Everyone is going crazy over Big Daddy Kane’s verse on this “Kill At Will” track, saying its his best verse in a decade. Would you agree??
The song features Joell Ortiz, Token, Chris Rivers and Snow Tha Product. The five-minute video, animated by Matt Cassero, plays on 80’s style horror film characters. Joell plays Jason Vorhees, Chris Rivers is Freddy Kruger from Nightmare on Elm Street, Token is Michael Myers, Snow is Leatherface from Texas Chainsaw Massacre and Big Daddy is seen as an animated version of himself. Riding in the back seat, the crew takes Kane to “Def Tone Records.” See what happens when they arrive at the scene.
DJ Khaled and Nas debut a dope cinematic visual for “Nas Album Done.” The entire caribbean-set clip totals to almost nine minutes long and features dancehall legend Louie Rankin reprising parts of his famed Ox role from ‘Belly’. Khaled comes to Ox with a plan to uplift and unify the youth with the “keys.”
Sampling The Fugees, the video transitions to the song part of the clip. Nas spits his knowledge for the youth, drops a few “Major Keys.” Although Hype WIlliams is not the director on this one, Khaled and Eif Rivera do a great job of alluding the big budget videos from back in the day.
In the last clip DJ Khaled is seen dancing, surrounded by women wearing traditional costumes and headdresses for a mini dancehall breakdown. The biggest key dropped, and the #1 ting we should take away from this song, is Nas has a new album on the way, and according to the title of the track, its done.
“You Gots to Chill,” “Strictly Business” and “It’s My Thang” are just some of the classic songs that New York rap duo EPMD churned out throughout their 30-year career.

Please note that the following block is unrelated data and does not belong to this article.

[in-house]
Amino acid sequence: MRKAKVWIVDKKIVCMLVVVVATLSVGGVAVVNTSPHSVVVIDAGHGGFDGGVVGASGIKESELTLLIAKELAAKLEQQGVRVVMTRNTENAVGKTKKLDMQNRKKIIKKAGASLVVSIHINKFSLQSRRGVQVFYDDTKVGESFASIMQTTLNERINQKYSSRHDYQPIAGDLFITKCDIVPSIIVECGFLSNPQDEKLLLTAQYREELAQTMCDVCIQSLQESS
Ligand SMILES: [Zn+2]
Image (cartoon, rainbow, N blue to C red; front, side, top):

Their success certainly didn’t come without drama, however, because they’ve had a lot of infighting, not to mention multiple breakups, but now it seems that members Erick Sermon and Parrish Smith have a healthy relationship.
In an interview with HipHopDX, the Long Island natives touched on various topics, including modern-day hip-hop and how it’s changed from their day. In fact, EPMD gave their opinion on Drake’s “4 PM In Calabasas,” which samples their classic “You’re a Customer,” which borrows from Steve Miller Band’s “Fly Like an Eagle,” ZZ Top’s “Cheap Sunglasses” and Kool & The Gang’s “Jungle Boogie.”
“Wow,” Yo, P, you were right,” said Sermon after hearing Drizzy’s song. “I never heard this until now. That’s dope.” Afterward, Smith said Drake using parts of “You’re a Customer” speaks to the sheer timelessness of the song. “I think it’s the true essence of what ‘You’re a Customer’ means,” he theorized. “It transforms through so many different generations, and it’s self-explanatory.”
Some might say that Drizzy sampling the EMPD tune shows his appreciation of old-school hip-hop, not to mention his fondness for it. Plus, he seems to be well-schooled in the music that came before him. At least it seems that way based on an interview he gave about the differences between yesterday’s rap and today’s.
Thirty years ago, Run-D.M.C. embodied hip-hop. Released on July 26, 1986, the Queens, New York, trio’s third album Raising Hell found the group at its creative and commercial peak, and expanding the language of hardcore in obvious and subtle ways. They were the biggest heroes on the block.
‘Walk This Way’ pioneered an enduring form of rap-rock that resonates to this day.
For one glorious season, Run-D.M.C. was the rap group your grandmother knew about. By 1988, after Yo! MTV Raps brought the true essence of hip-hop music to middle America. They became fedora-clad, gold chain-wearing faces in a rapidly growing crowd. In less than two years, the group was no longer just a genre, but they continued to loom over the scene as its first and perhaps greatest supergroup of all time. We will continue to celebrate one of the biggest albums of all time.
In an effort to create some dialogue, Snoop Dogg and The Game held a press conference with Los Angeles Mayor Eric Garcetti and LAPD Chief Charlie Beck after a peaceful march to the LAPD headquarters. They are urging improved relations between police and minority communities. (July 8)